"TAU researcher confirms oily "water" on a Saturn moon", so reads the email that crossed my desk.  Then I learned why no mountain or landform on Titan can ever be taller than 6,200 feet.  The reason surprised me, but first, the backstory about the paper.
The Cassini-Huygens mission to Saturn has generated many exciting discoveries about the planet and its moons - and now a Tel Aviv University (TAU) researcher associated with the project has determined that Saturn's moon Titan includes a unique population of lakes.

Prof. Akiva Bar-Nun of Tel Aviv University says that, instead of water, the lakes of Titan are composed of liquid ethane and methane, not unlike those found in Earth's oil and gas wells. In the form of rain, this methane and ethane fall upon the surface of the planet, forming large pools - "but you wouldn't want to jump into them on a summer holiday," he cautions.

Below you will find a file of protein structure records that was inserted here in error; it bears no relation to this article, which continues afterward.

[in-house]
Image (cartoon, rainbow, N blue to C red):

The full paper is in the reputable Journal of Geophysical Research - Planets.  TAU also notes that "Prof. Bar-Nun says that these recent findings confirm predictions that he made in 1979".  As always, the best science, bar none, is that which confirms a prediction made before the measurements were taken.  It's easy to theorize after the fact, much harder to predict, but only prediction gives science its power.

Back to why there's a height limit on Titan.  Titan ice, they claim, is like permafrost, and thus partially fluid.  So it can't maintain its shape against gravity if it's too tall.  For this and other neat conclusions, feel free to check the original source.

See you next week,
Tuesdays at The Satellite Diaries and Friday at The Daytime Astronomer (twitter @skyday)